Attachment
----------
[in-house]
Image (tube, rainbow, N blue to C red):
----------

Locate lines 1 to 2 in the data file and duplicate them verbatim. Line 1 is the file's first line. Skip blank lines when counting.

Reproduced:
[in-house]
Image (tube, rainbow, N blue to C red):